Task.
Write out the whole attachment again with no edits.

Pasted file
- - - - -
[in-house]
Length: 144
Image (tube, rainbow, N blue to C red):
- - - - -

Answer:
[in-house]
Length: 144
Image (tube, rainbow, N blue to C red):